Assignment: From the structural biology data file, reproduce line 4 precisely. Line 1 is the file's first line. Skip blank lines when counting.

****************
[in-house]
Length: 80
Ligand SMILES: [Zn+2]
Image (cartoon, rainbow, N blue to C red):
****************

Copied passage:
Image (cartoon, rainbow, N blue to C red):